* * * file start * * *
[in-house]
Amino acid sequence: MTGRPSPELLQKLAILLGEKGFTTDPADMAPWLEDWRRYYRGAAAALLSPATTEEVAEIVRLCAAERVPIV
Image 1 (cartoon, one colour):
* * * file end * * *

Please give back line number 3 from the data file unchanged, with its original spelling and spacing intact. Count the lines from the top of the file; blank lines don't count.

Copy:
Image 1 (cartoon, one colour):